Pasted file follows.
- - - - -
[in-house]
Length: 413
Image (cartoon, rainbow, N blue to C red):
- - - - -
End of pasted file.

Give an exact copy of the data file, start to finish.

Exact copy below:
[in-house]
Length: 413
Image (cartoon, rainbow, N blue to C red):